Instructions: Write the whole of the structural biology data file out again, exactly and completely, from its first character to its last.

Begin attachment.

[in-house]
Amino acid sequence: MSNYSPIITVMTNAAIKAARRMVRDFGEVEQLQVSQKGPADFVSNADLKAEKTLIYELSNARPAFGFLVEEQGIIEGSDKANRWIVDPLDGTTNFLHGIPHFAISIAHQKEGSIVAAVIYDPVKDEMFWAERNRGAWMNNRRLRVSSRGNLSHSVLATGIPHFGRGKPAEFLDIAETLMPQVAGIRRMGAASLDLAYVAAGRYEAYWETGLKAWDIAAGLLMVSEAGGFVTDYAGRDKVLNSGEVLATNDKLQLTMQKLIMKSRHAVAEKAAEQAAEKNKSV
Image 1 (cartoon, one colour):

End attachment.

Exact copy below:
[in-house]
Amino acid sequence: MSNYSPIITVMTNAAIKAARRMVRDFGEVEQLQVSQKGPADFVSNADLKAEKTLIYELSNARPAFGFLVEEQGIIEGSDKANRWIVDPLDGTTNFLHGIPHFAISIAHQKEGSIVAAVIYDPVKDEMFWAERNRGAWMNNRRLRVSSRGNLSHSVLATGIPHFGRGKPAEFLDIAETLMPQVAGIRRMGAASLDLAYVAAGRYEAYWETGLKAWDIAAGLLMVSEAGGFVTDYAGRDKVLNSGEVLATNDKLQLTMQKLIMKSRHAVAEKAAEQAAEKNKSV
Image 1 (cartoon, one colour):